In 1985, Tamar and David Peleg decided to head west and try living in an American city that wasn’t New York. They’d been in the United States for less than a decade, having originally come from Israel for college, and were not yet citizens or parents. Curious to continue exploring the country, they arrived in Southern California and connected with a fellow Israeli expat they knew from New York who had decided to move out to Los Angeles. The Pelegs stayed with their friend in the San Fernando Valley as they searched for their own place. Realizing that the Valley was relatively cheap and safe, they settled on an apartment along the Encino-Tarzana border. Two years later, they had me.
It’s a story that repeats itself among so many Israeli immigrants in the city: move to Los Angeles, stay with a friend or family in the Valley, settle in the area, and then host the next wave. But why the Valley specifically?
“The climate is the same, the topography is the same,” Tal Yona, owner of Hummus Bar and Grill in Tarzana, says of Israel and the San Fernando Valley. And it’s true, there are plenty of similarities between both regions. You could easily confuse the hills of Haifa and those of Laurel Canyon at certain angles, or the energy along Ventura Boulevard on a Saturday night with Allenby Street in Tel Aviv. And as the growing popularity of Israeli cuisine over the last decade highlights, the abundance of fresh, year-round produce in LA (including avocados, eggplant, citrus, and Israeli kitchen staples like tomatoes and cucumbers) is a natural fit for the community’s palate. But while the historically Jewish Fairfax district, and even the Pico-Robertson neighborhood, are more American Jewish communities, the Valley is a Jewish Israeli community.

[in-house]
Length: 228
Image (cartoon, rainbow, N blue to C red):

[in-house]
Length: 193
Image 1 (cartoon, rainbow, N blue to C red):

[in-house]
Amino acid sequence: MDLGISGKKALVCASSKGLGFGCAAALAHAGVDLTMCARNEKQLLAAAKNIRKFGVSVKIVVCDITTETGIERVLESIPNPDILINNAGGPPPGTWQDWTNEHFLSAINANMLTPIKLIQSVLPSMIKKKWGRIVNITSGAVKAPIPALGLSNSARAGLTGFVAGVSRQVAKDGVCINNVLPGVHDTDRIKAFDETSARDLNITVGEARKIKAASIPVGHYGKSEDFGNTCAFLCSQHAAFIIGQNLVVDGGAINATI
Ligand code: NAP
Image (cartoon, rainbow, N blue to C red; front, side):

Israeli food is not the same as the Jewish American food found at, say, Canter’s Deli or Brent’s. Jewish American cuisine is largely that of Ashkenazi Jews; the Israeli kitchen, however, encompasses flavors and influences from countries in the Middle East and North Africa. Think vegetable-centric and aromatic, with spit-grilled meats and flatbreads. Israeli food shares dishes with Palestinian and Lebanese cuisines, from which it took many influences; it also incorporates traditional items from Yemen (spicy zhug sauce, for example) and Iraq (amba, a pickled mango condiment, can be found at every Israeli pita stand). Those flavors mirror immigration patterns to Israel from much of the Arab world during the 1950s and 1960s as refugees fled pogroms elsewhere.
Israelis themselves started emigrating to the San Fernando Valley during the 1960s and 1970s as the area blossomed with cheap new housing. A brain-drain back at home meant young Israelis were flocking to the U.S. for better universities and more career opportunities. A few scattered expats found one another, which attracted even more, and a community was born. Garry Aizin, co-owner of Tel Aviv Fish Grill, came to stay with family about 15 years ago and began working in restaurants immediately, ultimately opening his own business in 2018. “You have Israeli synagogues and groceries and restaurants from Sherman Oaks down to Woodland Hills. Even if you don’t speak English, there are people here who speak Hebrew. So, the Valley feels like home even though it’s not,” he says.